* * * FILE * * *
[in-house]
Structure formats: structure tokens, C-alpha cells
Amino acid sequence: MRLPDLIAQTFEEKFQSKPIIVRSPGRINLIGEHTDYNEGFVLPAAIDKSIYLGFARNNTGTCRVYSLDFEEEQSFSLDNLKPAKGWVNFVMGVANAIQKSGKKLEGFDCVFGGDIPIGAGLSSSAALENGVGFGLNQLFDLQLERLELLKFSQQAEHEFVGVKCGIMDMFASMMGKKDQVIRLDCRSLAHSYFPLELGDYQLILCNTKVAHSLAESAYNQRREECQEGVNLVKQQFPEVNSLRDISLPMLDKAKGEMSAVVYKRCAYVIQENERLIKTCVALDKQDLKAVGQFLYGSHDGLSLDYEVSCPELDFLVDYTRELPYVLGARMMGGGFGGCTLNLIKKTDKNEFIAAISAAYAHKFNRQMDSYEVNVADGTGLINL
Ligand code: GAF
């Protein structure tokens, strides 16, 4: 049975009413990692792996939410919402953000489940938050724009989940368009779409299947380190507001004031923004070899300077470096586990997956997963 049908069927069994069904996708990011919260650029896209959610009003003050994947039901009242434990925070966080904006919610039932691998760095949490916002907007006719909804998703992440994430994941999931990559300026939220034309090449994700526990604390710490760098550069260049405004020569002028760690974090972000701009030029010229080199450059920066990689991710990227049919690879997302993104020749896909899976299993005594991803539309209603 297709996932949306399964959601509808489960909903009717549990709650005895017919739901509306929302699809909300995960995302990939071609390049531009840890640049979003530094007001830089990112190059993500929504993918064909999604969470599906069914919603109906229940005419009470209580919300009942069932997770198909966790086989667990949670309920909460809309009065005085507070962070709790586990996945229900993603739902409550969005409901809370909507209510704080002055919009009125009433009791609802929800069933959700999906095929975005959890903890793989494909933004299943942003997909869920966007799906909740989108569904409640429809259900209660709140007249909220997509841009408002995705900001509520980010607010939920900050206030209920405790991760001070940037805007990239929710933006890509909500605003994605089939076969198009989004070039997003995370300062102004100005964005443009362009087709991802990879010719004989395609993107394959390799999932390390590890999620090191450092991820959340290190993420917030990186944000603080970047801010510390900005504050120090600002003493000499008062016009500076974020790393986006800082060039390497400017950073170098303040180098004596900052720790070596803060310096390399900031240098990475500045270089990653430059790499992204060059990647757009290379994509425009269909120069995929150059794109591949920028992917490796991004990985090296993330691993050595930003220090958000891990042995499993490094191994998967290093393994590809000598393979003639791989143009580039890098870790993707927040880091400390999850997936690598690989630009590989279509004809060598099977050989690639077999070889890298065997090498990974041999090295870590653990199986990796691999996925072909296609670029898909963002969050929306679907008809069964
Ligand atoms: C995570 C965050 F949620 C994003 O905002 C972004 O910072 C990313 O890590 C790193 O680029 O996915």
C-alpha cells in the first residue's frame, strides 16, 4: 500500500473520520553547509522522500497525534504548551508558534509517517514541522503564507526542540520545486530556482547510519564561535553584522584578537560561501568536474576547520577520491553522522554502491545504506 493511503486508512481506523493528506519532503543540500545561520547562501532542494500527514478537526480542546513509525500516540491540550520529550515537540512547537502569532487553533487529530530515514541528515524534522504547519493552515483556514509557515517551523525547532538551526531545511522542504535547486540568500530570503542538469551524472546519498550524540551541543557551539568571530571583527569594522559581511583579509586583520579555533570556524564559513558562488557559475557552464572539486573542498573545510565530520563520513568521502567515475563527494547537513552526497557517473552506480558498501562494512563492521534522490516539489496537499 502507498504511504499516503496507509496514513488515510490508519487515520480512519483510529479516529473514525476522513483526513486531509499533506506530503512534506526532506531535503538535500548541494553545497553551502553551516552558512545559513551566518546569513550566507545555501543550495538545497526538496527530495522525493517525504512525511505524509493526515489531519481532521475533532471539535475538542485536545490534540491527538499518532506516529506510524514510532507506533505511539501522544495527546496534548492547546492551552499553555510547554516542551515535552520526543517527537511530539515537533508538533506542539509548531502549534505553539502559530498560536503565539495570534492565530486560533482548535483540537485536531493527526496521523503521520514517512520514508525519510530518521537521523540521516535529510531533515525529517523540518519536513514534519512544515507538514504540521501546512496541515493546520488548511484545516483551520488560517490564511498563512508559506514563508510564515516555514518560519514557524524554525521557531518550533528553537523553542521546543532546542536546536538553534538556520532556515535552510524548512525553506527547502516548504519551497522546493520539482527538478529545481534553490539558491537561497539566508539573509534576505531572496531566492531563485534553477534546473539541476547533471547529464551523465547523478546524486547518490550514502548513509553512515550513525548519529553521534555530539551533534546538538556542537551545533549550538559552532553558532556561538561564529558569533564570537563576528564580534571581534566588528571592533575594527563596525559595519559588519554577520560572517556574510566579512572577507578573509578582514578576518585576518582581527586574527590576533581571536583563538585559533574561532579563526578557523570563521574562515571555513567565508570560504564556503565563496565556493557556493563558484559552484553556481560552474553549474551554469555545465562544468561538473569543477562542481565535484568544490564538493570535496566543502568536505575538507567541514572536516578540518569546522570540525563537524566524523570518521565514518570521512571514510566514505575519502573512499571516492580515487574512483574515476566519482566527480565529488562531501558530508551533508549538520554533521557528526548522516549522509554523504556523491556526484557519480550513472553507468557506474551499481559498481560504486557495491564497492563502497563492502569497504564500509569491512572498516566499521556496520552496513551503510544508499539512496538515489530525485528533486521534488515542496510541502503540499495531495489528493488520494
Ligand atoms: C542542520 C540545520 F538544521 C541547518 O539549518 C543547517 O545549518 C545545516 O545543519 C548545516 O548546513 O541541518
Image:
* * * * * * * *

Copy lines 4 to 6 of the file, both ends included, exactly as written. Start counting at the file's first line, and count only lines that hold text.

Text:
Ligand code: GAF
């Protein structure tokens, strides 16, 4: 049975009413990692792996939410919402953000489940938050724009989940368009779409299947380190507001004031923004070899300077470096586990997956997963 049908069927069994069904996708990011919260650029896209959610009003003050994947039901009242434990925070966080904006919610039932691998760095949490916002907007006719909804998703992440994430994941999931990559300026939220034309090449994700526990604390710490760098550069260049405004020569002028760690974090972000701009030029010229080199450059920066990689991710990227049919690879997302993104020749896909899976299993005594991803539309209603 297709996932949306399964959601509808489960909903009717549990709650005895017919739901509306929302699809909300995960995302990939071609390049531009840890640049979003530094007001830089990112190059993500929504993918064909999604969470599906069914919603109906229940005419009470209580919300009942069932997770198909966790086989667990949670309920909460809309009065005085507070962070709790586990996945229900993603739902409550969005409901809370909507209510704080002055919009009125009433009791609802929800069933959700999906095929975005959890903890793989494909933004299943942003997909869920966007799906909740989108569904409640429809259900209660709140007249909220997509841009408002995705900001509520980010607010939920900050206030209920405790991760001070940037805007990239929710933006890509909500605003994605089939076969198009989004070039997003995370300062102004100005964005443009362009087709991802990879010719004989395609993107394959390799999932390390590890999620090191450092991820959340290190993420917030990186944000603080970047801010510390900005504050120090600002003493000499008062016009500076974020790393986006800082060039390497400017950073170098303040180098004596900052720790070596803060310096390399900031240098990475500045270089990653430059790499992204060059990647757009290379994509425009269909120069995929150059794109591949920028992917490796991004990985090296993330691993050595930003220090958000891990042995499993490094191994998967290093393994590809000598393979003639791989143009580039890098870790993707927040880091400390999850997936690598690989630009590989279509004809060598099977050989690639077999070889890298065997090498990974041999090295870590653990199986990796691999996925072909296609670029898909963002969050929306679907008809069964
Ligand atoms: C995570 C965050 F949620 C994003 O905002 C972004 O910072 C990313 O890590 C790193 O680029 O996915």